Monday, September 2, 2013
No doubt every D'Erasmo novel is as rich as this one is—as thoroughly considered, as masterfully developed. I chose A Seahorse Year because it has two teens at its interwoven heart and because it is ultimately about the repercussive impact of one on many. A child gets sick and: His biological parents (Nan and Hal) are stricken. His step-parent (Marina, Nan's lover) finds herself on the margins, and straying. His Dad's new lover (Dan) is not sure he wants to be absorbed into such a broken family. The boy's girlfriend (Tamara) believes (with all the assurance of youth) that she can be a saviour. Tamara's parents are furious, spiteful. Nan's brother does the wrong thing. Everyone separated by degrees. Every catastrophic turn sparking seismic implications. Every nuance nuanced. And somehow Stacey D'Erasmo keeps track of it all. Produces a novel about relationships, which is also a novel of suspense. Writes with such intimate knowledge of her characters and their worlds that it is no wonder that Graywolf Press chose her to write The Art of Intimacy, the book Stacey and I had come to the magical Decatur Book Festival to discuss.
It takes about four years, Stacey told me, to write each of her novels. It is time enormously well spent. She invests deeply in her characters. Knows every detail of their rooms and their souls, the roads they walk on, the paths they walk, the fights they're not having, the words they hoard. She knows the mistakes they make, which are the mistakes we make. She is patient. She allows her stories to evolve. I bookmarked so many passages in A Seahorse Year that I am hard pressed to choose a single one. Because I must choose, I will choose this one, below—proof of what the right details do to illuminate character. Here we see Nan's house as Marina sees Nan's house. We are given the space, we are given two characters. We are given a story:
Flitting through Nan's house, Marina felt like a bird that had flown in and couldn't find her way out. Nan's house, like her bedroom, was slightly underfurnished, not austere so much as elementary, in the way of someone who would think with satisfaction: well, this is everything we need. The only extravagance was in the living room, where more than a few new, lavish books were stacked on the mantel. A thick biography of Madame Tussaud. An entire set of Proust with silvery corners. Otherwise, the house was like a collection of simple verbs: eating, sitting, watching TV. A red, child-size hooded sweatshirt was crumpled against the arm of the sofa. A few little robot men slept, still locked in combat, on the coffee table. Several plastic trucks were suspended in a convoy into the dining room. Standing half-wrapped in the damp towel, Marina's feet were cool on the cool floor. She stood there looking for something, but she didn't know what. Evidence—though the extravagant books weren't it—of some intractable bitterness, strained rope tethered to rusted stake, some wormhole that would end this thing before it had properly begun. She didn't want another complicated wife. Nan, the night before, had been very quiet and determined, like someone building something. Marina thought warily, Why?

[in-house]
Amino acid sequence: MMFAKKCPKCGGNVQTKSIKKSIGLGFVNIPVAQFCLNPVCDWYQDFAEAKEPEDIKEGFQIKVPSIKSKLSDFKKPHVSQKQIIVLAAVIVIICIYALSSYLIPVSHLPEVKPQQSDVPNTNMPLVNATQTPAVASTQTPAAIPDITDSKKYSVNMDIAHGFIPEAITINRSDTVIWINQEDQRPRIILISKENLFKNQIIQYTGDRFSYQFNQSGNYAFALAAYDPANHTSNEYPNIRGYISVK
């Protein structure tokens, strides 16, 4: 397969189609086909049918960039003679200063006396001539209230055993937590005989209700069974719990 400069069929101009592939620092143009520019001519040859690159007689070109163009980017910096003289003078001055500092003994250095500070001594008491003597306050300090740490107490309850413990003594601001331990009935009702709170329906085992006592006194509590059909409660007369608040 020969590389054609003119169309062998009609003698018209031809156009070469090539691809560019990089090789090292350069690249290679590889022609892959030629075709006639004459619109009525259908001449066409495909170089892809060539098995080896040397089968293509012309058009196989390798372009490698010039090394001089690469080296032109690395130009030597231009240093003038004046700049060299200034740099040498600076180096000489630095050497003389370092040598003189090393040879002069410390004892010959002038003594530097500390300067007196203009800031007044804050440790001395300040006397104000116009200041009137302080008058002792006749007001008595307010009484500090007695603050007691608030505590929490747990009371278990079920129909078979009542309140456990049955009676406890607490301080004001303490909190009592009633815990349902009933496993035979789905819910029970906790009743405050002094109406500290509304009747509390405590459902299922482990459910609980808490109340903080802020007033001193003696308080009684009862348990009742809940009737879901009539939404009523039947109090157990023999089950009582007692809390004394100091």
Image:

My conversation with Stacey D'Erasmo at the AJC Decatur Book Festival will always be a life highlight (a photo here). Stacey's book on intimacy is not to be missed, my thoughts about that here. And look for Stacey's new novel, Wonderland, out next May. It's about an aging rock star, she says, and Stacey went on tour to get the details right. I cannot wait to see what she saw, and how she transformed it all to fiction.